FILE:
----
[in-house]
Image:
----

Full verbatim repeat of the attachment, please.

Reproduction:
[in-house]
Image: